Three-body spacecraft orbits1 are regularly discussed here and from time to time someone will include a pseudo-potential plot from Wikipedia in their explanation.
The discussion often goes south when it tries to reconcile that L4 and L5 sit at potential maxima and yet an object placed there is stable; if you give it a small perturbation or "kick" it will stick around in the general area. It's this kind of stability that allows planets (especially Jupiter) to collect and retain Trojan asteroids associated with their Sun-planet L4 and L5.
Today I saw the "It's Just Astronomical!" video The Parking Spaces of Space: The Lagrange Points and the explanations provided seem unphysical and wrong.
It shows a pseudo-potential surface and some balls rolling on it, and explains how objects will drift towards the Sun, drift towards the Earth, or drift away into the outer solar system!
If "into" were scratched out and changed it to "towards" and it were made clear that this is only the initial motion, this might be salvageable.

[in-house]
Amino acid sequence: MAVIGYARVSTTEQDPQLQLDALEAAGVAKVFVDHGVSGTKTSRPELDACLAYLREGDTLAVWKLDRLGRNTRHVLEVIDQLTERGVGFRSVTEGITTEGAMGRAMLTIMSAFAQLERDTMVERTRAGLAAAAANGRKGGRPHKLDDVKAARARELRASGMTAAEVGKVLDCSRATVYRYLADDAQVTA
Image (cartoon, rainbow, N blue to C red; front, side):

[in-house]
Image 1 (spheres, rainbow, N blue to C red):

But the animations show the balls following paths going well down into those three pseudo-potential "wells" in ways that simply can't happen in reality.
- Why shouldn't we illustrate spacecraft trajectories on top of these static pseudo-potential surfaces?
- What will really happen to these three objects?
- What will happen to the pseudo-potential surface as soon as they do start moving?
"bonus points" for any sighting of a proper animation that includes a dynamic pseudo-potential plot and an object moving across or on top of it.
This graph shows us the effective potential energy and it tells us how objects will move.
An object who’s orbit starts here will slowly drift towards the Sun.
An object starting here will slowly drift towards the Earth.
And an object starting here will slowly drift away into the outer solar system.
Screen shots from linked video including closed-caption text; click for full size.
1halo, Lissajous, near-rectilinear halo, etc.